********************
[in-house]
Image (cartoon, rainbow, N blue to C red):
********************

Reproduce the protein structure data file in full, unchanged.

[in-house]
Image (cartoon, rainbow, N blue to C red):